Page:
In the first two parts of his 2017 elitefts SPS Presentation, Dr. Kinakin focused on pain when pressing forward and the common shoulder injuries associated with the barbell bench press. Just as common as pain during the barbell bench press, however, is pain when overhead pressing. In this third video, the final part of his presentation, Dr. Kinakin dives into the many causes and possible treatment options for pain in the overhead press.
First showing the anatomy of the shoulder, Dr. Kinakin suggests every athlete do a test: with your thumb up, palm forward, attempt to bring your arm upward and touch your bicep to your head. If you struggle to accomplish this, the infraspinatus is often the problem and will also cause issues with pressing. To explore this possibility, Dr. Kinakin demonstrates the infraspinatus muscle test with an attendee, treating for when there is tightness but no pain (which Dr. Kinakin says is called a dysfunction).
Additionally, Dr. Kinakin works with Brandon Smitley on an internal and external rotation issue that resulted from a back tweak suffered when squatting. Altering Brandon's position to explore the issue, he shows how being under axial load can reveal issues that can then be further explored in a lying or supine position.
To understand how to apply these techniques, Dr. Kinakin emphasizes the importance of diagnostic skills. For instance, if you have a 300-pound, five-foot-two-inch, 40-year-old female client, your time is likely better spent improving her level of fitness than doing fascial stretching. In other words, knowing these techniques is an important step in improving yourself or your athletes, but knowing when to implement them is equally important.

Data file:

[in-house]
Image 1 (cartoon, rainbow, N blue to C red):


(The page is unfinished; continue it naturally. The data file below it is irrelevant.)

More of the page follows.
In diagnosing your athletes, you must pay close attention to patterns in their movements and behavior. Dr. Kinakin tells the story of watching the Boston Marathon and how it is possible to correctly predict the winner of a competition by their stride. Once they begin moving side-to-side in their running, it is a clear indicator that fatigue has set in. Those who haven't yet fallen into that movement pattern are likely able to make a late-run push and take a lead.
Again testing on an attendee, Dr. Kinakin breaks down the topic of AC joint sprains. Often manifesting in incline pressing movements, you can identify the cause of AC joint issues by putting the athlete in positions that utilize the AC joint differently. Dr. Kinakin shows how to test for these types of sprains in the AC joint and how to manage them yourself when you don't have access to professional treatment.
By the minute:
- (0:23) Pain with pressing overhead
- (2:44) Infraspinatus muscle test
- (6:21) Internal/external rotation challenges
- (9:33) Axial load vs. supine positioning
- (12:58) Diagnostic skills
- (15:00) Ryan Leaf, running, and the Boston Marathon
- (19:22) AC joint sprains and separation treatment
- (23:20) Testing for AC joint sprains
- (26:04) Rehabilitation, chiropractor care, and coffee